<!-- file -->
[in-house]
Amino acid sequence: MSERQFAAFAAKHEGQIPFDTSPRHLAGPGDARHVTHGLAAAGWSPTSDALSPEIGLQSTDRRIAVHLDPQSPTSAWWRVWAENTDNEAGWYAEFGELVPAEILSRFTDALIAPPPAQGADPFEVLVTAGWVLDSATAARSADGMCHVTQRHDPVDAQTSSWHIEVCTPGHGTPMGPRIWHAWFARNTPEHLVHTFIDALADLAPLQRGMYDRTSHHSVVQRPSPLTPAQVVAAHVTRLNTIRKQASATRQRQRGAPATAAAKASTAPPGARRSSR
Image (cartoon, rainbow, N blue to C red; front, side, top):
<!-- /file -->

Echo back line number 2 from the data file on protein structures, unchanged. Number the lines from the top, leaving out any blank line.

Amino acid sequence: MSERQFAAFAAKHEGQIPFDTSPRHLAGPGDARHVTHGLAAAGWSPTSDALSPEIGLQSTDRRIAVHLDPQSPTSAWWRVWAENTDNEAGWYAEFGELVPAEILSRFTDALIAPPPAQGADPFEVLVTAGWVLDSATAARSADGMCHVTQRHDPVDAQTSSWHIEVCTPGHGTPMGPRIWHAWFARNTPEHLVHTFIDALADLAPLQRGMYDRTSHHSVVQRPSPLTPAQVVAAHVTRLNTIRKQASATRQRQRGAPATAAAKASTAPPGARRSSR